The woman who invented Facebook

“She has 14 grandchildren, and she loves spending time with them. Oh, she loves them so much! She will have them all over for a day, on special occasions, so they can spend time together. But while they are with her, she takes away all of their phones! She wants the kids to do real activities, and create memories together. She’s completely against kids these days being on their phones, and texting, and all that online social stuff. She hates it.”

“Uh oh. I bet the kids complain.”

“Well, sure. Some put up a ruckus. But you have to hear how she plans out these events! Like, they will all go out boating. And while they are out, she will take pictures of the scenery and the kids… you know, learning to sail, or whatever.”


“Yeah, she uses her old-fashioned camera! She’ll be snapping pictures the entire day. And then, in the afternoon, she’ll sit the kids down and have them write a little journal about what they did, and what they enjoyed about the day!”

“So she has them write about… their thoughts and experiences.”

“That’s right! Well, of course some of the little ones she will help them to write it down. But then–and here is the really sweet part!–after it is all over, she will gather together the pictures and the journals, and put them all together, and have them made into a book! So that way, they can share it with their friends and look back on it years later, and remember the fantastic time they had! Isn’t that sweet?”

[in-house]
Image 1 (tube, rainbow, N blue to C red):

“OK, let me get this straight. She takes pictures, and has them write down their thoughts and experiences, so that they can remember the good time they had together and share it with their friends?”

“That’s right. Isn’t that great!”

“You realize what that is, right? I mean… she just re-invented Facebook.”

(Long pause.)

“Well, don’t tell her that!”


Facebook is for sharing pictures and stories

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  1. John Everett says:

    That’s hilarious… of course for it to be like Facebook, the next time they want to look at the pictures of the day at the lake, there will be advertisements for oars and picnic baskets in the margins, right?

  2. Rebecca Krueger says:

    I love it. Do you think all of the grandkids would appreciate the Facebook memories as much as a book that Grandma made? I think both might be nice, just in case they lose the book.

    • Greg Stevens says:

      In some ways, the actual book has a more “solid” reality, right? So it partially depends on what happens with technology and Facebook in the future. A physical book can get lost, but you can also stow it in a basement and find it and look through it 50 years later. Who even knows what will happen to online pictures in 50 years!?!? 🙂